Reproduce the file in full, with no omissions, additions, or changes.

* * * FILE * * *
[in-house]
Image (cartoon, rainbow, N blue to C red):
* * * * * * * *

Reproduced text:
[in-house]
Image (cartoon, rainbow, N blue to C red):